Alabama Tax Return Preparers and 19 Foreign Nationals Charged with Conspiring to Defraud the United States, Identity Theft and Money Laundering
Justice Department announced that a 14-count superseding indictment was unsealed today, charging JB Tax Professional Services Inc., Jacqueline J. Arias and Jose Bayron Estrada, of Spruce Pine, Ala., along with 19 foreign nationals, many of whom resided in the New Orleans area, with conspiracy to defraud the United States and conspiracy to commit mail and wire fraud by filing fraudulent income tax returns. The indictment also charges certain defendants with aggravated identity theft and conspiracy to commit money laundering. Most of the defendants were previously indicted in May 2013 and arrested in June 2013.
According to the indictment, members of the conspiracy obtained Forms W-2, often by purchasing them for cash, for the purposes of filing fraudulent income tax returns. Conspirators further obtained individual taxpayer identification numbers (ITINs) for use in filing fraudulent tax returns, in some cases using false applications filed with the assistance of Arias and JB Tax Professional Services. An ITIN is a tax processing number issued by the Internal Revenue Service (IRS) to individuals who do not have, and are not eligible to obtain, a social security number. Both Arias and the business were designated by the IRS as certified acceptance agents, which are entrusted by the IRS with the responsibility of reviewing the documentation of an ITIN applicant’s identity and alien status for authenticity, completeness and accuracy before submitting their application to the IRS.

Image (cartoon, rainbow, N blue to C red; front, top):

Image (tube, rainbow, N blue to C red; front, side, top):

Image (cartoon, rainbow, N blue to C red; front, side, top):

The charging documents allege that the defendants used the social security numbers of real persons to conduct mail and wire fraud. The defendants also allegedly disguised and concealed the proceeds of their fraud by agreeing to conduct certain types of financial transactions.
An indictment merely alleges that crimes have been committed, and each defendant is presumed innocent until proven guilty. Each defendant faces a maximum potential sentence of five years in prison for the conspiracy charge. Each aggravated identity theft charge carries a mandatory two-year prison sentence, and the defendants charged in the money laundering conspiracy count face a possible maximum sentence of twenty years in prison. The defendants will also be subject to fines, mandatory restitution and forfeiture if convicted.
The case is being investigated by U.S. Immigration and Customs Enforcement, which oversees Homeland Security Investigations; IRS-Criminal Investigation; the U.S. Secret Service; the U.S. Postal Inspection Service; and the Social Security Administration, Office of the Inspector General, in partnership with the St. Tammany Parish, La. and Jefferson Parish, La. Sheriffs’ Departments. The case is being prosecuted by Tax Division Trial Attorneys Hayden Brockett and Kevin Lombardi.